Monday, October 26, 2009

Creationism should be taught in science classes

So say 54% of Britons, apparently. Well, 54% of the almost 1000 people polled. It might come as a surprise to regular readers of this blog that, whatever the numbers might be, I actually agree.

The unfortunate thing about a poll is that, however "scientific" it might be, the results tend to be presented in the media without any sense of possible nuance in the answers.

The unfortunate thing about a lot of hard science advocates--and I consider myself to be one--is that they tend to see clear-cut boundaries where there's actually a considerable amount of haze. The thing about modern science is that it's part of an epistemological continuum. The history of myth and the history of science are not 100% discrete and science should not be taught in an ahistorical manner. Both myth--the picture of creation presented in Genesis, e.g.--and science--the story of evolution as told by Darwin and his followers--spring from the human desire to explain origins and predict destinies. To teach only Darwinian evolution, divorced from the intellectual and cultural contexts in which it, ahem, evolved is to paint a picture of spontaneous intellectual generation--to borrow terminology from another debunked hypothesis I learned about in Biology 11.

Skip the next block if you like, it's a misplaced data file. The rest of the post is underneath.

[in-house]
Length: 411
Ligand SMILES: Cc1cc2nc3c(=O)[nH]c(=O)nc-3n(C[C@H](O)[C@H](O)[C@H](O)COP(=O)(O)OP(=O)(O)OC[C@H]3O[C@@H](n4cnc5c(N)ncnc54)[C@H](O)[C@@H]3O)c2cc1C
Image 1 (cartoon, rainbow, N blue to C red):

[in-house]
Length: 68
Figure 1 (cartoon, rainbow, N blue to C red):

Darwin's version is an improvement upon earlier stories. It is supported by enough evidence to be a bona fide theory and not merely a hypothesis. Creationism has a lot of company. Lamarckism, for instance, which is routinely taught in schools, in precisely the way it should be: as a theory that once had some scientific currency, but is now discredited. (Notwithstanding the fact that Canada's federal science minister still thinks it's valid.) Incorporating Creationism into science curricula gives teachers the opportunity to present it for what it is: an antiquated idea that should not be taken seriously as a useful path to anything resembling objective truth. Leaving these topics to religion classes--of which I had none in my 13 years of pre-university schooling and which are probably only de rigueur in religious schools--is to risk having them taught as valid scientific theories and increases the risk of significant portions of the population thinking that one "theory" is as good as any other. Why would you want to do that?

One of the people quoted in the Guardian piece says that the poll results show how ignorant "the public" is. The public doesn't get that way by accident and it won't be cured by ignoring or suppressing certain topics in the curriculum.

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